Bodega's Drew White is Here to Stay
The mind behind Bodega's collaborative kicks talks about his favorite projects.
Drew White is the definition of working your way up the ladder. He started at Bodega over a decade ago as a marketing intern before finessing his way into a role doing social media and PR. Over time his role evolved from getting people hyped for the product to actually making the product itself.
For the past two and a half years, White’s been designing the Boston-born boutique’s in-house label and collaborations.
Before I worked at Bodega, I would come up from Providence to shop there,” says White. “I was always familiar with the world that they operated in, and sneakers were a huge social currency thing in high school.”
Like many people who end up with dream positions at the intersection of culture and product, he got there by putting in the work and getting in where he fit it.
“I didn't necessarily see myself as doing design when I started, but my position evolved over time and it’s where I ended up,” he continues.
Just hot on the heels of Bodega’s latest release, the New Balance 990v3 “Here to Stay”, Drew White talks about five of his favorite projects.
Bodega x Reebok Shanghai Pack (2018)
“I'm going to say the Reebok Shanghai Pack because of everything else that went into that project as well. The build-out, the activation, and going to China for the first time.
The amount of opportunity that came out of that project beyond the shoes is priceless. I don’t know if that type of trip where [Bodega has] 20 freaking people in a foreign country together doing stuff will ever happen again!”
Bodega x New Balance 997S “No Days Off” (2019)
“The 997 is a huge part of the legacy of New Balance. But as we were sifting through the models that were available, they had this 997S. It was a little different than the traditional paneling of the 997, with more of a retro, athletic feel which is what we dip into with every project in a way.
It was the opportunity for us to claim that model and debut it. That's always a little bit more attractive because we can set the tone. How we see ourselves and New Balance is we want to emphasize what they do really well, but we want to give it our own flavor through the color palette and materials. Our voice and personality is controlled chaos. There's a lot going on, but it makes sense as a whole. We were just thinking of how we can make it memorable and have it stand on its own.”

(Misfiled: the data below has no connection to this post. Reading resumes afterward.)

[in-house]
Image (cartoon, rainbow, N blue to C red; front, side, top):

Bodega x Clarks Patchwork Wallabee (2019)
“Clarks Wallabees are an iconic model that I grew up wearing. That was my dress shoe. I never was a fan of dressing up too crazy, but when I had to, I wore Wallabees. It was one of those projects that had a deeper connection to me and tied back to how I grew up.”
Bodega x Nike Dunk High “Legend” (2020)
“I would’ve been so excited to get a Nike at all, but the fact that this was the Dunk brought it to the next level. It was definitely a dream come true for me. I started with the jewel Swoosh. I’d never seen a tortoise shell one and thought that would be sick. So we took that foundational, nostalgic piece and then figured out which other areas to throw our spin on.
I had a lot of pressure on it, because of what that shoe means to sneaker culture and collectors. Even people who aren’t familiar with sneakers know what a Dunk is. There was a bunch of ideas, one was this Western, cowboy influence, the other was this idea of Americana and things that stick around forever —like baseball gloves or cowboy boots— then the tortoise shell Swoosh brought this element of street luxe that tied it all together.”
Bodega x New Balance 990v3 “Here to Stay” (2021)
“Our first time we worked with New Balance was around 10 years ago and this is our first made in USA collaboration. So, for that reason alone, it's a lot more significant. I feel like we earned it through taking on those lesser known models and proving ourselves through those projects.
When we got offered it, it was just perfect timing with our 15 year anniversary. It means more than just being another New Balance for Bodega. We wanted to be more reserved in how we injected ourselves into the model because it’s such a timeless silhouette. The idea around the colorway is how New Balances tend to stay around neutral grays that age over time and turn this sort of yellowish, olive tone, like ones you find at a thrift store. It looks like something that could’ve been sitting in someone’s closet for a while. We didn’t want people to look at it and instantly know what year it came from.”